Paula Barrett writes: Our County Childcare committee along with thirteen others are producing a manual of traditional Irish games, songs and rhymes. The manual will be a great resource for parents and anyone working with children. The project is a collaborative action by fourteen county childcare committees from Cavan, Donegal, Galway, Laois, Leitrim, Longford, Louth, Mayo, Meath, Monaghan, Offaly, Roscommon, Sligo, Westmeath, as well as The Border Counties Childcare Network, IPPA-The Early Childhood Organisation, The National Childrens Nurseries Association, Forbairt Naoinrai Teo and Childminding Ireland. This Project is funded by The National Development Plan and EU Structural Funds. So if you can remember the games you played growing up, the songs you sang with your friends and the rhymes from your childhood, then make sure you get in touch so that we can all work together to keep these traditions alive. You can contribute by sending your description of a game, with a drawing to explain how it is played, or a copy of your favorite old songs or rhymes. Alternatively you can contact the researchers by phone. You can send as many games, songs or rhymes as you can remember. All are appreciated. Contributions can be in Irish or English. The contact details are:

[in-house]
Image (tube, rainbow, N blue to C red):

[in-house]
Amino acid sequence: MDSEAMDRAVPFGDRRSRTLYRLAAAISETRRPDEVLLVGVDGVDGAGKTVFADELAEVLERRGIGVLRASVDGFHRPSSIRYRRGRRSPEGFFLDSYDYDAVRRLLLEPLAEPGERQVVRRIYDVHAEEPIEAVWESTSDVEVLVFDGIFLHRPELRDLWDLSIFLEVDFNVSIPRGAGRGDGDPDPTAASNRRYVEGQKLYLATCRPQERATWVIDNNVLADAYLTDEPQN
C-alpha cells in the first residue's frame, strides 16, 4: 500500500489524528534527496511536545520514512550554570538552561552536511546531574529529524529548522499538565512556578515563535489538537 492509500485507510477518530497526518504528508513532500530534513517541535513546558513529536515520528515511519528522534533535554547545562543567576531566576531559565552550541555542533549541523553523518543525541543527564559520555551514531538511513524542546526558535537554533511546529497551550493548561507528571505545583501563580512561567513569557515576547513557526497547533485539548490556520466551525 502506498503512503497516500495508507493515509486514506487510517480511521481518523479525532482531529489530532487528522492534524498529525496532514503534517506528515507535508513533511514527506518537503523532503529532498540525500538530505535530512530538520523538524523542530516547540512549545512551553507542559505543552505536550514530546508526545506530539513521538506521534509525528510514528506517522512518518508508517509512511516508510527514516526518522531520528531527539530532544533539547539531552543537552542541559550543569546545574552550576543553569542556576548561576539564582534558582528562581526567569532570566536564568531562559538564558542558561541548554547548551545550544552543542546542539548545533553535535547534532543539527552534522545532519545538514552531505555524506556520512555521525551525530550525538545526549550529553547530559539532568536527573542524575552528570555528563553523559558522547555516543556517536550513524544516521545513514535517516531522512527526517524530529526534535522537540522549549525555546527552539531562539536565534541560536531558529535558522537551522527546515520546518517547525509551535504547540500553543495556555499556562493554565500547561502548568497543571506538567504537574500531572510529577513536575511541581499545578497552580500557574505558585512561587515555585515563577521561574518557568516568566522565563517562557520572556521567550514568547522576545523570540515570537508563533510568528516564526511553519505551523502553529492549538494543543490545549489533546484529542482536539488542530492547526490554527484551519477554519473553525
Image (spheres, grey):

Tel: 074 9123873
Cothrom Community Consultancy
27 Whitethorn Grove
Mary Ellen writes: I'm looking for a saying (on a T-shirt) that goes something like this:
"Everybody talks about how much I drink
but nobody asks (knows?) how thirsty I am." My fiancé saw a T-shirt with this printed on it a while back and I can't seem to find it anywhere. Do you have any suggestions?
Tony & Colette remind us that Ireland is one of several Celtic Nations:
Great news! Hartson is going home for Christmas! For those of you who don't know, Hartson Dowd is our "resident Irish recipe collector and contributor to the Irish Kitchen on the web site; we just received a very touching thank you from him for simply sending a card. Unbelievably, he is sending a thank you to each person who sent a get well greeting - and they come from all over the world. We also thank you for sending him a card - it means so much to him and his wonderful wife Helen. You can still send a card if you'd like - he will be going back to the hospital after Christmas Day.